I’m sure they can find out about your services, you upcoming events, and how to contact you. And you likely have a bio of who you are and what you’ve done. But do these things express who you are – you know, as a living, breathing person?

It might seem odd to ask these questions. Of course you’re a living, breathing person. How else would you have your business if you weren’t alive. What a ridiculous question.

If you have a service-based business, asking these questions is not ridiculous at all. Actually the answers are very important.

The other day I was working with a client on a website. She had written some great copy. As I looked over her homepage, her services pages, and her pages describing her services and how they could help someone, they were really good. Her writing was clear and easy to understand.

My client had done a great job writing engaging, alive and caring copy. As the audience, I could see myself clearly in what she wrote. It wasn’t hard to figure out, right from the homepage, whether or not she could help me. I felt heard and seen in how she wrote. It made me want to find out more – more about her services, and more about her.

Just as I do with many of the clients I work with, I read her bio page almost last. I like to get a tone for how someone is writing to their audience and about their services before I read how they speak about themselves. Many times the style of writing changes when I get to the bio page.

My client, like most others, was no different. She wrote in the all-too-familiar style of reporting about herself in the third person. Gone was the feeling of personal relationship and aliveness I had felt with her other pages. And while her bio was technically well written, I felt like I couldn’t find her in it.

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Distribute Your Content and They Will Come

Your website is done. Your content is really good. Your design is elegant and complements to your content beautifully. You’ve set up your enewsletter campaign with a great giveaway. Now, all you need is traffic. So how do you get it.

The answer is obvious, right? You need to get in the search engines.

Everyone you know has told you this. They even suggest search phrases (or keywords) that you should be using to get ranked high in search results. And, of course, you have your own ideas for search phrases as well. All you have to do is put those keywords in your web pages and sit back and wait for the flood of visitors.

If only it were that simple.

Search engine placement and optimization takes a lot of time and effort. More time, even, than effort. And today, with so many websites vying for those valuable positions at the top of the search results, it can be very difficult to make your website visible. Especially if you’ve just finished your first website or if you content has greatly changed. So while your efforts with the search engines will payoff in the long-run, don’t expect too much from them immeditately.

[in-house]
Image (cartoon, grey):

But don’t loose hope. In my last newsletter I covered seven strategies for building traffic without concerning yourself with the search engines. Today I want to expound a bit on, perhaps, the most useful and powerful of those strategies: Distributing Your Content.

There are many website owners who are constantly looking for good content. Guess what, you likely have good content. Not only that, you know how to write good content. And even if you don’t feel you content is good (who ever thinks that their writing is good, anyway?), it probably has more value than you think. So share what you have; share what you know.

Even better, write some new pieces that are targeted specifically to each of the websites you want to submit content to. Your articles don’t need to long and the writing doesn’t need to win you a Pulitzer. You just need informative and helpful articles that will add value to people’s lives.

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Is Your Site Relevant?

You have a website and need to know how to “get in the search engines.” Or, you are just starting a website and need to know the same thing. The bottom line is, whether you have a website or just beginning, you need visitors.

Conventional wisdom says get listed for some search terms (often called keywords) and you’re all set.

This isn’t necessarily the case, however. Search engines have a business too. Their business is in giving their users the most relevant results for their search. That means the role of the search engine is not about marketing your website. It’s actually about meeting the needs of their customers – everyone who is looking for something on the internet.

I often tell my clients, don’t expect help from the search engines. And certainly not right away. You won’t begin to see much traffic from the search engines until your website (and your business) have a level of relevancy on the web for your products or services.

So how do you gain relevancy? By getting lots of visitors to your site.

I know, I can hear you saying, “Wait a minute! If I’m going to get no help from the search engines in getting visitors until my site has some relevancy, but most people use the search engines, how will I ever get rankings? And actually, I’m not even sure what ‘relevancy’ means.”

Well, being a relevant website first means that the content of your website is consistent with your business focus and that you’re using key terminology in your content to describe what your business. Secondly, it means that within your business niche you are mainstream enough to be important to potential clients while being unique enough to set yourself apart from the mainstream.